Isn’t it strange, sad, to see how fear can cost, cause us to give up or even destroy the very blessings we so desperately want? We get so beaten and broken down by life, circumstances and the choices we make that we sometimes feel as if we’ve been fighting the Hundred Year War all by ourselves.
And it seems like every time we are about to give up, Hope glimmers over the horizon. We pull together our ragged emotions and run, summoning all the joy and strength we can muster, only to crash full speed into an enemy, in any shape or form – many would say “fate”.
He stands, laughing, mocking our puny efforts, hurling words of defeat and failure (and many others) until we could no more be as thoroughly pulverized than if a sledgehammer had been used. We manage to crawl away and lick our wounds, and then the cycle renews: war, hope, mockery and pain. Each time, we become weaker, healing less, moving slower toward anything that looks like Hope.
Hope is expensive. The price it demands is nothing less than all you have, seemingly with little in return. So it is with little surprise that it seems surreal when Hope does come and stand before us.
There we are, dying from wounds unseen to the naked eye, lifeblood pouring from our souls, our breathing labored and raspy as it rattles through our spirit. We look upon this thing shimmering like a mirage and quite often, we lay our heads down in a pool of dying dreams and tell this thing, this “Hope” to go away.
Little in this world can hurt like hope unrealized.
Sometimes, though, just sometimes, a few of us reach down into the hidden depths of ourselves, into the very essence of who we are, our hopes, dreams, regrets, past, present – we take that fragile part of us and do the unthinkable, because at last, whether we are conscious of it or not, we understand.
We summon every drop of love, hate, pain, joy, shame, regret, sorrow, want, desire, rage, anger, bitterness, frustration, fear-and with a determination bordering on mania and a cry that echoes throughout the heavens, we rend ourselves asunder, hurling ourselves at Hope’s feet, naked and bloody, unprotected and raw, all our shells, masks and expectations lying, like so much discarded skin, in a rotting heap behind us.
And there, barely a recognizable, roiling, writhing mass, we cling to Hope with a tenacity born of the need to believe in something bigger than ourselves; the belief that, even to those who feel most lowly, Good will and must come, that they matter, even in the grand scheme of things. And from this need, Faith is born.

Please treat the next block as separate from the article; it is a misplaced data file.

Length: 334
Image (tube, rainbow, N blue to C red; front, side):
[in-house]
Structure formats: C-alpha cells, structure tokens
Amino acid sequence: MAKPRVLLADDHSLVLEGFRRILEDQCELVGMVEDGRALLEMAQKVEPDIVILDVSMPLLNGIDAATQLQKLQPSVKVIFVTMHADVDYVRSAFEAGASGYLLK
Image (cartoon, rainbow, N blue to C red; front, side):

And of course, that is only the beginning…
***Edit*** I hope no one thinks that by this I’m saying hope is useless or meaningless. Hope is often the only thing that keeps us going. When I wrote this, my sister was in a place where she was giving up. I’ve been there. Sometimes hope seems too difficult to cling to; we can’t see the help coming to us and we want to give up, give in, stop believing.
I truly believe that if you’re able to cling to hope, in the face of seemingly absolute despair, that’s where faith is born. Some people say, “I hope….” and then forget about it. Real hope is expensive. It requires effort. Those people in Japan who may be clinging to something to keep from being swept away aren’t just casually clinging and hoping. They’re doing it with all their might. Their muscles may be cramping, their hands bloody, and they may not hear or see anyone around at all. But they hope with all their might that someone is on the way.
Does that make better sense?
- I can’t write with a cap on a pen (two years of shorthand)
- All my hangers have to face left
- I never eat big potato chips (I have to have a little stack of pieces)
- After I eat cereal, I have to drink Pepsi
- I can’t stand to fold paper (I have to use the back of my nails)
- Filing my nails causes the whole goose-bump-shiver-jerky-dance thing.
- If I’m out in public after a rain, I have to consciously remind myself that I can’t stomp in the puddles (oh, but I really want to!)
>Every Wednesday, Jenn from You know……that blog? hosts the Sensational Haiku Wednesday. This week’s theme is deception. Here’s my entry for the week:
Fiona Robyn and Kaspa are hosting the writing project known as A River of Stones. The object is to make daily observations of things that can be observed in everyday life. For more information, click here.
Here’s my observation:
The snow lay in dirty piles at the edge of the road, forgotten, used up, and discarded.